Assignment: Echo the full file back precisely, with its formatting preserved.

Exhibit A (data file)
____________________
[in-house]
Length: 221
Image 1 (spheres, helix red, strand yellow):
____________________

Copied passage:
[in-house]
Length: 221
Image 1 (spheres, helix red, strand yellow):